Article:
Colin’s phone rang. I could tell by his voice that it was family. I expected a, “Yes, she’s right here,” but instead there came, “Ah. Uh huh. Okay.”

Colin hung up and turned to me.

“They’re giving your mom CPR.” He said it gently. But really, there’s no way to gentle those words. No euphemism for breathing air into your mother’s congested lungs.

I looked back down at my book, automatically, as if to make sure that the world still looked the same as it had before this monumental shift. But the words before me blurred. The whole room, really, faded away to be replaced with a distorted mind’s view of my sister’s living room, gifts unopened, children’s excitement turned to confusion, my medically-trained sister and brother-in-law doing all they could, my dad…oh, dear, Lord, my dad.

Colin told the kids, who wandered, empty-handed, full-hearted, to sit, awkwardly, in the living room again, wrapping paper still strewn about, stockings unhung by the chimney with care. Somehow I stood, moved to the mudroom for something, I have no idea why, talking of I know not what. Colin joined me, let me finish my words, stepped to me and took me into his arms.

“Your mom’s gone,” he whispered. “Patrick texted.”

Gone. Another euphemism. Another way to gentle the concept that the world as I knew it had ended.

I don’t blame Patrick for texting. Words are easier to write than to say. I’m thankful he’d called to give the first news.

It all happened so quickly. Ten minutes? I don’t even know. Fast. Gone. Such short words that say so much.

Our son read some Scripture. I made tea, because that’s what Mom would have done. We hugged and cried and made more tea. Mom’s parents were Scottish, and tea cures all.

Only it couldn’t cure this.


This = death.

There. I said it.

I’ll say more, later, but for now I leave you with this…

This = hope:

“’Where, O death, is your victory? Where, O death, is your sting?’ The sting of death is sin, and the power of sin is the law. But thanks be to God! He gives us the victory through our Lord Jesus Christ.”
1 Corinthians 15:55-57

No, tea can’t cure death.

But that’s okay. Because Jesus already did.

That Holy Shadow

I love Christmas. I love the surprises. I love the scents. I love the giving (and, I must admit, the getting). I love the decorations and the music and the events that are unique to the rest of the year. I love Advent calendars and I love the general feeling that this is a special time. Something is different. This is a time set apart to celebrate.

Spiritually speaking, to be “set apart” is to be sanctified. To be holy. And indeed, the very best thing about Christmas is that it’s a holy season, a season to step back from the usual and focus on Jesus.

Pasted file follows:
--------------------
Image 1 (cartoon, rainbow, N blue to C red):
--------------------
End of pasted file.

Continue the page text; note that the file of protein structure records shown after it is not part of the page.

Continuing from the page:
And I don’t just mean the baby Jesus. That cute little infant in the paintings; the Jesus of the nativity scenes and Sunday School programs and youthful memories. No, the Jesus I mean is the grown-up Jesus. The Jesus who has hard teachings. The Jesus who threw out the baby with the bathwater when it came to following rules and obeying the traditional law. The Jesus who gave up his right to be right, humanly speaking, because he knew he was right, spiritually speaking.

That Jesus is harder to embrace. That Jesus is rejected. That Jesus is spat upon by Romans, Ancient Hebrews, and modern day philosophers, be they suit-clad in higher institutions or blanket-clad in gutters…or flannel-clad in cozy homes and offices and check-out counters and yoga class.

That’s the Jesus the little baby turned into.

I know that Easter is the “hard Jesus” season. The season with the brutal images and the repentant sinners, hanging upon their various crosses. But the truth is, I want to live my Christmas in the far-reaching shadow of Golgatha, because that’s what this sanctified season is truly all about. The baby came because the man was going to die. He knew that from day one. From minute, from second one. He didn’t come into this knowledge as an adult, he told his parents as a 12 year old, “didn’t you know I needed to be about my Father’s business?” (Luke 2:49). They didn’t fully understand, yet we know that Mary, “treasured up all these things in her heart” (vrs. 51). All the little things. The annunciation: “you’re going to have a miraculous baby”; the telling of her news to Joseph: “Surprise!”; the birth in a stable, the shepherds and angels and eventual Magi; the growing-up years; the ultimate revelation of who he was at the wedding at Cana; the final days and hours and minutes, standing at the foot of the cross, watching her son die for the wicked world which did not understand.

Those are the moments she treasured up. It didn’t matter that she didn’t really “get it”. What mattered was that she treasured. She contemplated. She put two and two and one million little things together and came up with belief in a man who was the Savior of the World. Belief that this human being, whom she had birthed, was also God. Deity incarnate. The Devine human.

Sanctified. Set apart. Holy.

And so, I live in that holy shadow at Christmas. Yes, I love the season. Santa Claus, candy-cane-stripes, presents, songs about red-nosed reindeer. But the reason I love it all is because it has been made holy by the presence of the man upon the cross. The man who forgave — and continues to forgive — me of my many sins. And, equally true, who forgives you of yours.

Merry Christmas, dear friends. May the joy and the shadow co-exist in your celebrations this season, pointing you to the one who loves you more than you can possibly imagine.

The heart of Christmas

My earliest Christmas memory — a memory I know is mine and isn’t just from family stories or photos that make me think I remember — is me, age 10, I believe, so impatient and anxious to get to the important business of unwrapping gifts but having to wait for my sister to get off of the ferry boat because she’d had to work the night before on the mainland and therefore couldn’t arrive home to Orcas Island, Washington, until Christmas morning. I must have been quite a pest because Mom sent me with Dad to drive the 35 minutes to the ferry dock to pick up Kris, knowing that the enforced hourish away from the beckoning Christmas tree would give her peace and me something else to think about.